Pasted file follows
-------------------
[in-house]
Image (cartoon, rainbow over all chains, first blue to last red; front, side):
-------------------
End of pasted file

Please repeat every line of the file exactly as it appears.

[in-house]
Image (cartoon, rainbow over all chains, first blue to last red; front, side):